We paid a visit to some of the "humble spirits" in Pine Ridge Cemetery for a special Halloween mini tour. Join Chessie as she shares some of the history of this important snapshot of life and death in Saranac Lake. Learn more about Pine Ridge Cemetery and the people buried there on our wiki.
Halloween is tomorrow, so we're feeling spooky! Check out this ticket for a Halloween dance put on by the Village Improvement Society in 1927. Would you go play cards with the ghosts at Hotel Saranac for just $1.75?!
Bonus--to see photos of patients at Trudeau Sanatorium in costume for Halloween, head over to our wiki.
[Historic Saranac Lake Collection. Courtesy of Philip Griffin, TCR #272]
By Phil “Bunk” Griffin
Larry Joseph Doyle was born July 31, 1886, in Caseyville, Illinois. He began playing for the New York Giants in 1907 at the age of 21. He was so nervous on the first day that he took the wrong ferry and was late for his premier pro game. Giants’ manager, John McGraw, who was known to be strict at times, took it in stride, and Larry, with his powerful hitting and solid defense, held a steady job for the next fourteen years.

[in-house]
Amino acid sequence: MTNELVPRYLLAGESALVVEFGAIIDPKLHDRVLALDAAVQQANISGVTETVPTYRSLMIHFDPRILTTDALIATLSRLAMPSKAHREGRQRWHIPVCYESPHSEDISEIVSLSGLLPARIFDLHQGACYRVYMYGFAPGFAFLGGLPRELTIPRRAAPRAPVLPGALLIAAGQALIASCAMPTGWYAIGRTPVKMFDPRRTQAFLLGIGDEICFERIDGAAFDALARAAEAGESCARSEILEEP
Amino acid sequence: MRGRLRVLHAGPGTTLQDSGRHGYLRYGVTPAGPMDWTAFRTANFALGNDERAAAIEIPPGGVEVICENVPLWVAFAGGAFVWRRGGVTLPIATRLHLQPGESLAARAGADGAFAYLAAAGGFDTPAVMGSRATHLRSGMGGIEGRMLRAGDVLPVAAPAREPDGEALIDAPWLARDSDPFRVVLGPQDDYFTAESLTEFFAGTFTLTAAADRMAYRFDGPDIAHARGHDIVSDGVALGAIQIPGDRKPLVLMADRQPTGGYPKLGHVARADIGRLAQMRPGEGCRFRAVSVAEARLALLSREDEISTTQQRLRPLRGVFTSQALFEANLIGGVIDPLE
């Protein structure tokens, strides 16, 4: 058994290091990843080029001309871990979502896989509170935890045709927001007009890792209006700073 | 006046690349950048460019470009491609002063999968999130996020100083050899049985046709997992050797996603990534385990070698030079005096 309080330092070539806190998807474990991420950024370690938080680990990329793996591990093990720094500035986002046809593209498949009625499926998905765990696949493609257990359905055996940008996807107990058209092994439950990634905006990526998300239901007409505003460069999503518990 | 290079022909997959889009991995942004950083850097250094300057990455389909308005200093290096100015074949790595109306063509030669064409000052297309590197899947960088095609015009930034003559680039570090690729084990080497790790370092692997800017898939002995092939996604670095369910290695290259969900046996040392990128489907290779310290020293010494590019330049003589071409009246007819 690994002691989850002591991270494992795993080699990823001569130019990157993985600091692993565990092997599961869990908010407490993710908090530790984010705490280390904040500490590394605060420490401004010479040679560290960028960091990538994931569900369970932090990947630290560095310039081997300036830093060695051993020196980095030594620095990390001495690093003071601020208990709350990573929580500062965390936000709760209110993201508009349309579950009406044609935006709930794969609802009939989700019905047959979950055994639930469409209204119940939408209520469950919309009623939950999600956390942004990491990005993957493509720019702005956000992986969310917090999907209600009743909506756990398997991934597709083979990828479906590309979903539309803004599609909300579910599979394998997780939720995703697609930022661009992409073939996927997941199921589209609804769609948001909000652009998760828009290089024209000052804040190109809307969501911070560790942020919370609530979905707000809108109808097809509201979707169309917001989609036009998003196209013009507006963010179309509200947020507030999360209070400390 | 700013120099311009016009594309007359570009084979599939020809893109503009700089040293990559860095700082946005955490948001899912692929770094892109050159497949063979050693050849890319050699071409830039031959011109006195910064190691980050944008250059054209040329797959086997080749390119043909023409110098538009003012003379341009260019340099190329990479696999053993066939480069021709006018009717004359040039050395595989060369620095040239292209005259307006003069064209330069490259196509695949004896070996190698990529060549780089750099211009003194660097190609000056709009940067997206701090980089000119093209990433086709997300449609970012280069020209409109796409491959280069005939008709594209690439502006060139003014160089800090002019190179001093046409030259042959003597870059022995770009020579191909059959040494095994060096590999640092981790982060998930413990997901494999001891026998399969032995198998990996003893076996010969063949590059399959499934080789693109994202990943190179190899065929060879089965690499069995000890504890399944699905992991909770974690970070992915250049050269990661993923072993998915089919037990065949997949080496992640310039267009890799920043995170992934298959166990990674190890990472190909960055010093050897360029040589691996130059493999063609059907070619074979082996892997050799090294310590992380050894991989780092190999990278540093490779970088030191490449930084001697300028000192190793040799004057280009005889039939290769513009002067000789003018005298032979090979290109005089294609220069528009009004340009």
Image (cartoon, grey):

The only change in his routine of tending second base with the Giants was when he went to the Chicago Cubs for a year and a half. That was from 1916 to 1917. He was MVP in 1912 and played a big part in the Giants winning of the pennant for three years in a row, from 1911 through 1913.
Larry developed tuberculosis in the 1920's. His best friend and fellow Giant, Christy Mathewson developed the disease also, and they both came to Saranac Lake to cure. Christy lived at his home on Park Avenue. Larry took up residency at Trudeau San, where American Management Association is now located, and lived there for many years.
Larry was, in fact, the last patient to leave the Trudeau San when it closed in 1954. That famous photo of him walking towards the gates of Trudeau, a suitcase in each hand and snow gusting all around him, was in every newspaper and magazine on the newsstands that week. I don't know if the media posed the photo or not, but it was effective. It got the point across that Trudeau San was closed for good and that the TB era was kaput. It was a sad day for both Larry and Saranac Lake.